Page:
When patients begin to view you as a thought leader who is also a friend, you have built credibility in communication
Credibility — if you have it, it can make your business. If you don’t, it can’t break it. Building your credibility in communication channels can increase your patient retention and attract new patients.
What are the best ways to build credibility via marketing? Denise M. Dorman, marketing consultant for WriteBrain Media and author of the e-book “Marketing Malpractice Tales from the Front,” says that it’s through “social proof.”
According to Content Sparks there are six types of social proof:
• The Wisdom of Crowds
• People Like You
• Circle of Friends
• Users and Customers
• Celebrity Endorsement
Dorman provided information on social proof and building credibility in communication. What follows is some of our interview, edited for length and clarity.
Building credibility in communication
She says that social proof takes several forms:
REVIEWS: Ask patients to post their reviews on sites like Healthgrades.com, Vitals.com, PhysiciansGrade.com, Yelp, and Google Places. People will research you before they use you.
TESTIMONIALS: Video patient testimonials are ideal for Facebook, Instagram, Snapchat and TikTok, LinkedIn, as well as the DC’s lobby TV, YouTube/Vimeo channels (make a compilation) and website.
DEMONSTRATING THAT YOU GIVE AS MUCH AS YOU TAKE: Encourage UGC (user/patient-generated content) on your website. If your patients are openly willing to interact with you on social and identify as your patients (to align with HIPAA laws) reciprocate their loyalty by sharing their gifts. Display their mixed-audience- appropriate photography or paintings in your lobby.
Perhaps host an after-hours exhibit event. Play their instrumental compositions on your P.A. system and put out a sign that says, “The music you hear today is from one of our patients.”
Share their gifts on your social media. Remember the 80/20 rule of social media: social media is 20% about YOU and 80% about the people interacting with you.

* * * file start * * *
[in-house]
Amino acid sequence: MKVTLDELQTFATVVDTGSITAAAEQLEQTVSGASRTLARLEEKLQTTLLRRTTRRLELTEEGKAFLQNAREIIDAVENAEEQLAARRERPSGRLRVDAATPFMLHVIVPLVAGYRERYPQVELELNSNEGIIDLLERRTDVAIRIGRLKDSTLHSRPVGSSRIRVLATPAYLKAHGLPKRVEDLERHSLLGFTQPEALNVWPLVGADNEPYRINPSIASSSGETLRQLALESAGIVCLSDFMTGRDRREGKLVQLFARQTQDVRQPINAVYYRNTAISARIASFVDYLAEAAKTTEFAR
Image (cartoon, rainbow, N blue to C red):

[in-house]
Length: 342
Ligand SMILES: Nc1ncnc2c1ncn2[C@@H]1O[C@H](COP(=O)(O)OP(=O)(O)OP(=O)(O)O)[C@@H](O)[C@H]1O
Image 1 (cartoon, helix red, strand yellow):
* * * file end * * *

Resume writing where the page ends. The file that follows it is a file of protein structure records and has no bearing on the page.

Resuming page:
Make volunteerism part of your team-building exercises with your staff. Do a day of Habitat for Humanity. Post the photos on social. Do a fund-raiser or donate a percentage of your earnings for a time period to someone in need. All of these selfless acts will result in heightening the local public’s awareness of you and broadening your patient base.
WHITE PAPERS and CASE STUDIES: If the DC has written a white paper or case study, have them available in the waiting room as takeaways. Include patient success stories (case studies, testimonials) in every newsletter. Show before and after X-rays of the patient’s spine improving or show before and after images of a patient’s posture improving.
Film footage of the patient at the start of their treatment journey and show their progress as their body is repaired. Clear-cut before-and-after case studies are the strongest visual proof of the DC’s capabilities.
Books, media and online comments
BOOKS: Book authors are inherently held in high esteem. Today’s definition of a book, however, is not as onerous to create as it once was. If you take six months of your newsletter articles or blogs and upload it as a PDF to Amazon Kindle and publish it as “Best of Dr. Spinal Cracker, Volume 1: January-June 2021” and sell it for 49 cents, you’re considered a published author. Get a few printed copies to sell in your office for instant credibility. If you podcast, take transcripts of your podcast and publish those. (Google Docs and One Note will transcribe recordings for free.)
PROACTIVELY HANDLING NEGATIVE COMMENTS/REVIEWS: People will scrutinize how you handle yourself when negative comments are posted on your social pages or review sites. You always want to correct a misperception and take the issue offline as quickly as possible. Once you fix the problem, ask that negative reviewer to give equal time to how you fixed their problem and/or ask them to please remove their negative review.
MEDIA INTERVIEWS and MENTIONS: Posting media mention links on your website and social media will build trust because they are third-party endorsements of sorts that you are a thought leader.
Become the thought leader they know
When patients begin to view you as a thought leader who is also a friend, you have built credibility in communication and they won’t abandon you. Take a genuine interest in them, and they will take an interest in you.
Retention won’t become an issue unless the patient moves away, you don’t accept their insurance, or you’ve made a misdiagnosis that resulted in something disastrous.
Word of mouth marketing is always the strongest form of social proof, happy, satisfied patients will always help you grow your practice.